“Our review of United States Supreme Court decisional law compels the conclusion Obergefell must be applied retroactively.” Despite this, the court terrifically completes a triple somersault of mental gymnastics to ask themselves if their previous law against same-sex marriage could still be applied. Rather than guide the readers along a beaten path, explaining the timeline, they dive down a rabbit hole of “impediments.” Evidently, in South Carolina, you must agree to be in a common-law marriage? I don’t understand. Perhaps I should bang my head against the wall with fantastical force to understand the Court’s genius.

The Court rules that even though Obergefell applies retroactively, so too does their law stating that same-sex marriage is not permitted because the litigants did not intend to be married because they knew they could not. Yes, you read that correctly. Basically, “Yeah, we recognize the Supreme Court says we should do something, but we’re South Carolina and whateva, we do what we want.”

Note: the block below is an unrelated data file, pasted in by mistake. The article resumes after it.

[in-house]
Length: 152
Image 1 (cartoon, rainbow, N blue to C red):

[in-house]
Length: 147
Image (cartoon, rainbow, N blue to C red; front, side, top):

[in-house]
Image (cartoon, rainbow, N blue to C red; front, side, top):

The Court is obnoxious in its recognition of sister states that have “recognized informal or common-law marriages have applied Obergefell retroactively to find litigants were entitled to establish common law marriage,” citing Colorado’s Hogsett, D.C.’s Gill, Federal’s Rannells, and Pennsylvania’s Carter.

The ghastly lack of logical reasoning and basic human decency is an affront of judicial officers everywhere. Not only is it immoral, but the analysis begs the question, “Did you pass the bar exam?”

Let’s hope counsel John G. Reckenbeil files for Certiorari and a writ of Habeus Corpus. Probably, not considering he’s just an employment lawyer.

Other Jurisdictions:

Alabama, Florida, Georgia, Idaho, Indiana, Iowa, Kansas, New Hampshire, Ohio, Oklahoma, Rhode Island, and Utah do not have any rulings.